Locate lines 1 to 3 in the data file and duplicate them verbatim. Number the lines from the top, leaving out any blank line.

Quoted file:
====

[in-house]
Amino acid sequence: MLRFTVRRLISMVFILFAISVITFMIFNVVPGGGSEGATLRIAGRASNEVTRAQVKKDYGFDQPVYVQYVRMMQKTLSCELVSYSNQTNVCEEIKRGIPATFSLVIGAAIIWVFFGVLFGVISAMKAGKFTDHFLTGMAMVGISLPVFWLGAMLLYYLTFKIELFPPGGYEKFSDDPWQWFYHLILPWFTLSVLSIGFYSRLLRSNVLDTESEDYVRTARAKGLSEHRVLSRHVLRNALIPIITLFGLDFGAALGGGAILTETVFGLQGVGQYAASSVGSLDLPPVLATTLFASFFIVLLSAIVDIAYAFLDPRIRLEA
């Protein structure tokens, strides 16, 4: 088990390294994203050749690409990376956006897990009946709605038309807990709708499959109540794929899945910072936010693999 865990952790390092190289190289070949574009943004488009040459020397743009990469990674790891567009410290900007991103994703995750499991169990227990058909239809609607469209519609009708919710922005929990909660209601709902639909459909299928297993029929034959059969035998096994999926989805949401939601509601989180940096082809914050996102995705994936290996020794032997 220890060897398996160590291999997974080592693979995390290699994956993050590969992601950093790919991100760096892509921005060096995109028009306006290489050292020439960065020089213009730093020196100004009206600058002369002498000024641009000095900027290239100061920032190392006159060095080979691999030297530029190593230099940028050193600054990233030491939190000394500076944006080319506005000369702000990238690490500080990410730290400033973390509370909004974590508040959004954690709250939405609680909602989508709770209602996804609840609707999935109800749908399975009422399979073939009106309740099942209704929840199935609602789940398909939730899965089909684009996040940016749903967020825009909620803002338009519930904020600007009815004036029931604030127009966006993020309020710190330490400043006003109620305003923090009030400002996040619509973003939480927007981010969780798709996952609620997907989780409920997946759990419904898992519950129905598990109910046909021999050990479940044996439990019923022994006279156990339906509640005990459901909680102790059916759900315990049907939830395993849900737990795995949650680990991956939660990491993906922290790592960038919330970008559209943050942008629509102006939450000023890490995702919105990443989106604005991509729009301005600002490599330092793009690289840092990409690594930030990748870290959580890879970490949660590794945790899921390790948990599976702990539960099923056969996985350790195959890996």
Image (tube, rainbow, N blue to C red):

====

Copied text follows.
[in-house]
Amino acid sequence: MLRFTVRRLISMVFILFAISVITFMIFNVVPGGGSEGATLRIAGRASNEVTRAQVKKDYGFDQPVYVQYVRMMQKTLSCELVSYSNQTNVCEEIKRGIPATFSLVIGAAIIWVFFGVLFGVISAMKAGKFTDHFLTGMAMVGISLPVFWLGAMLLYYLTFKIELFPPGGYEKFSDDPWQWFYHLILPWFTLSVLSIGFYSRLLRSNVLDTESEDYVRTARAKGLSEHRVLSRHVLRNALIPIITLFGLDFGAALGGGAILTETVFGLQGVGQYAASSVGSLDLPPVLATTLFASFFIVLLSAIVDIAYAFLDPRIRLEA
């Protein structure tokens, strides 16, 4: 088990390294994203050749690409990376956006897990009946709605038309807990709708499959109540794929899945910072936010693999 865990952790390092190289190289070949574009943004488009040459020397743009990469990674790891567009410290900007991103994703995750499991169990227990058909239809609607469209519609009708919710922005929990909660209601709902639909459909299928297993029929034959059969035998096994999926989805949401939601509601989180940096082809914050996102995705994936290996020794032997 220890060897398996160590291999997974080592693979995390290699994956993050590969992601950093790919991100760096892509921005060096995109028009306006290489050292020439960065020089213009730093020196100004009206600058002369002498000024641009000095900027290239100061920032190392006159060095080979691999030297530029190593230099940028050193600054990233030491939190000394500076944006080319506005000369702000990238690490500080990410730290400033973390509370909004974590508040959004954690709250939405609680909602989508709770209602996804609840609707999935109800749908399975009422399979073939009106309740099942209704929840199935609602789940398909939730899965089909684009996040940016749903967020825009909620803002338009519930904020600007009815004036029931604030127009966006993020309020710190330490400043006003109620305003923090009030400002996040619509973003939480927007981010969780798709996952609620997907989780409920997946759990419904898992519950129905598990109910046909021999050990479940044996439990019923022994006279156990339906509640005990459901909680102790059916759900315990049907939830395993849900737990795995949650680990991956939660990491993906922290790592960038919330970008559209943050942008629509102006939450000023890490995702919105990443989106604005991509729009301005600002490599330092793009690289840092990409690594930030990748870290959580890879970490949660590794945790899921390790948990599976702990539960099923056969996985350790195959890996």